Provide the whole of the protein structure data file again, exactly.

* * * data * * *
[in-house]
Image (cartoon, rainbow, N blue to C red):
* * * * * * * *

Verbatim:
[in-house]
Image (cartoon, rainbow, N blue to C red):